Dr Raja Muhammad Khan
While the Indo-Pak foreign minister level talks were underway in Islamabad on July 15, 2010, Indian Foreign Secretary Ms. Nirupama Rao, made five telephonic calls back home in order to seek clarification and new directive from the New Delhi. Because of these directives, the negotiations ended without making a positive outcome. Otherwise, the arrival of the Khrishna team was full of zest, once he made a statement on his arrival in Pakistan that we have brought a message of good will for the people of Pakistan from the Indian people. Receiving of such like directives and issuing of rabble-rousing statements by Indian team, later in the media, speaks of three things. First, the participants of the talks were not fully prepared for the dialogue, therefore, they were being spoon fed continuously. Secondly, they were not expecting the Pakistani side would be asking for the wholesome talks to include progress on all issues, yet to be resolved, thus have continuously been asking the desire of the Indian Government. Thirdly, the team headed by the Foreign Minister Krishna had little or no authority to make progress on the unresolved issues.
In all eventualities, the talks could not make the headway because of the Indian unfounded and unyielding attitude. This is not the first time that the negotiations between India and Pakistan failed. Tracing back the Agra Summit of July 2001, once former Pakistani President visited India with a lot of hopes and flexibility vested in his hands to make progress on the out-standing issues between both countries. He went to India with lot of clarity, absolute authority, and succinctness. There have been five long and arduous rounds of the discussions, mostly one on one, between the then Indian Prime Minister Mr. AB Vajpayee and Pakistani President General Pervez Musharraf.
What went wrong there, during the Agra Summit? It was indeed, a misreporting in the media by then Indian Information Minister, Ms. Shusma Suraj that the talks were focusing mainly on the two issues; the cross border terrorism and the trade and commerce. This wrong reporting in the media even was not in the knowledge of the Indian Premier, who himself got the shock on the statement of his information Minister. Owing this misreporting the Summit failed, in spite, the fact that both leaders did try to evade failure by undertaking late night 80 minutes round of the talks. Unfortunately, the process could not be resumed until the 12th SAARC Summit, held in Islamabad in January 2004. After a lot of hectic diplomacy, both countries resumed the composite dialogue process in 2004. Pakistan showed a lot of flexibility for the resolution of the core issue; the issue of Kashmir, but here prevailed again the Indian hawks, and the basic cause remained unresolved. Going back to history, there took place thirteen rounds of the talks between Bhutto and Swarn Singh in early 1960s, but due to lack of a clear roadmap and authority with the Indian Foreign Minister, no progress could be made.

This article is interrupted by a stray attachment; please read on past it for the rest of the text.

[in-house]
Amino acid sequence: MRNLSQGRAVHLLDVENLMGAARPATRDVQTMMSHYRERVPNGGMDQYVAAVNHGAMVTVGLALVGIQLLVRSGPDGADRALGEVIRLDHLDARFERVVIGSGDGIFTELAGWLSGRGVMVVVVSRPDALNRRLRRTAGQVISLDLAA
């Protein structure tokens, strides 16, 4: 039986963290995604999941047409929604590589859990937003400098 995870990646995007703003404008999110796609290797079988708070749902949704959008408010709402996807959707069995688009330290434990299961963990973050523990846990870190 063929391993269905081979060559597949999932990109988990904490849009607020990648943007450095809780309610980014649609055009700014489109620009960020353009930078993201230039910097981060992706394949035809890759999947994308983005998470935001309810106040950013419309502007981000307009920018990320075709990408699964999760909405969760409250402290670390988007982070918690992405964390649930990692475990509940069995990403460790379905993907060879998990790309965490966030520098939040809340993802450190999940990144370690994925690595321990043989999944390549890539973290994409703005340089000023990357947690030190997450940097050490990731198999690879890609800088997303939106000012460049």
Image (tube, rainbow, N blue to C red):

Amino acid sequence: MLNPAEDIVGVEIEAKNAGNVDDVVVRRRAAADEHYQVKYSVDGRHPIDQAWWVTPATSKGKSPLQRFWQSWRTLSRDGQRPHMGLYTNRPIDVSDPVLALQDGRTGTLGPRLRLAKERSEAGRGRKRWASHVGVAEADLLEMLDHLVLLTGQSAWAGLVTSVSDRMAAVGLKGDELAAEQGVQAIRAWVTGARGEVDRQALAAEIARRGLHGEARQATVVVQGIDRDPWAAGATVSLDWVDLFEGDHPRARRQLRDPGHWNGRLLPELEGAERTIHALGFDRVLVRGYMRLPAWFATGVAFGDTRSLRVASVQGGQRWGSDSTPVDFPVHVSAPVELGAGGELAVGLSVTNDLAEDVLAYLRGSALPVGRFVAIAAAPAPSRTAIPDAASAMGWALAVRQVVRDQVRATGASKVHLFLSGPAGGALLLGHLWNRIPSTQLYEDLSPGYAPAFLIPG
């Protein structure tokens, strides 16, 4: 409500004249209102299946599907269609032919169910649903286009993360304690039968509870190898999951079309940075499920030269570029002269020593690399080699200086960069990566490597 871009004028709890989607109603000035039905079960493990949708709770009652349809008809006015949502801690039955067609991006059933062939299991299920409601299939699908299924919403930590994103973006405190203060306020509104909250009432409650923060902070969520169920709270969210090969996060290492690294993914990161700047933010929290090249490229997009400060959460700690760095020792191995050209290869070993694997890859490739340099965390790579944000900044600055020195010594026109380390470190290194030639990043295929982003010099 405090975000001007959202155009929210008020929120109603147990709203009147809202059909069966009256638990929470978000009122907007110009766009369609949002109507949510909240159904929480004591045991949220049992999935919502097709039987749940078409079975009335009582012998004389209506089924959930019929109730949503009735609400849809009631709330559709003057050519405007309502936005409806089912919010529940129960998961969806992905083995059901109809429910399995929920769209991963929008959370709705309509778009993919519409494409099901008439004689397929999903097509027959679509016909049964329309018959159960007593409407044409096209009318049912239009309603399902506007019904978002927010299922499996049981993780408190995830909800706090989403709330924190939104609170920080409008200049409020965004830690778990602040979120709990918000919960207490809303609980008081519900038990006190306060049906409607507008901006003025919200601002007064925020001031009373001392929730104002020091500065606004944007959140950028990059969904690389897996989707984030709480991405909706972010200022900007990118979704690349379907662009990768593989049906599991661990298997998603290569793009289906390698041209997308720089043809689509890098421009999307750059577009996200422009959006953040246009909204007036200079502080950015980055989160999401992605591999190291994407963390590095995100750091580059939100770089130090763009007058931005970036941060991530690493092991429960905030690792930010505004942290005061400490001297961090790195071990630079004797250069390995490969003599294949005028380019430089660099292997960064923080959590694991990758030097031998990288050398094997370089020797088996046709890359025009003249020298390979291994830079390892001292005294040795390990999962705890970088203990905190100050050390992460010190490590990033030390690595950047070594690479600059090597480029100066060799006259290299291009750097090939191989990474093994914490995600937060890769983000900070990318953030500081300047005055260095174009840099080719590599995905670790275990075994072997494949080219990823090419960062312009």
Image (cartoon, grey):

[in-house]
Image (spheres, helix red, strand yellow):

The basic aim of tracing the brief history of the Indo-Pak negotiations was to uncover the real cause of the failure of the hundreds of the rounds of the talks, ever since 1947. In a democratically ruled government, the power lies with its elected representative to decide about all issues of national interests. They should have the absolute authority vested on to them by the constitution of that country. India claims to be the world biggest democracy, but once its own prime minister or any other minister is unable to take decision, then the question arise, as where lies the real power. Who stopped Prime Minister Nehru to sidetrack his own commitments with the Kasmiris. Who were the hidden hands, which forced Prime Minister AB Vajpyee to succumb in front of his information minister, LK Advani, Jaswant Singh and Yaswant Sinha, all the hawkish minister of his cabinet? Which was the force behind them? Indeed, the same force did not let the Indian Foreign Minister Mr. Khrishna to make a progress on the real issues pending for a solution.
Indeed, the real decision making power in the India lies with its powerful Army, supported by RAW, the Indian spying network having strong bondage with the fundamentalist Hindu mentality, which believes in the “Akhand Bharat”- Greater India concept. What to talk of Kashmir, this powerful Troika, believes in the fact that, the other regional countries of the South Asia including Pakistan should ultimately yield to Indian demands, for making Akhand Bharat; the Greater India. India Hindu strategists consider Afghanistan and Myanmar (Burma) to be its part through this concept. Indian growing influence in Afghanistan is indeed part of this strategy. Now, Indian intelligence network RAW is making a lot of inroads into Myanmar.
This is beyond doubt that the real Indian power lies somewhere else as mentioned above. The so-called Indian democracy is to show the world. It is indeed useless to believe that Indian premiers and ministers like Krishna are going make a decision on issues like Kashmir. They just portray to the world that India is very much interested and believes in the dialogue and negotiations. They are indeed, gaining time and consolidating on to the disputed areas. But, badly failing on winning the hearts and mind of the Kashmiri masses, as evident from the recent violence there. As a piece of advice from the realist’s school of thought, India must accept the reality that, Kashmir is the basic issue and without its resolution as per the wishes of its subjects, there would be no progress on other issues between India and Pakistan. It must stop human right violation in its occupied areas of the state.
—The writer is a South Asian analyst.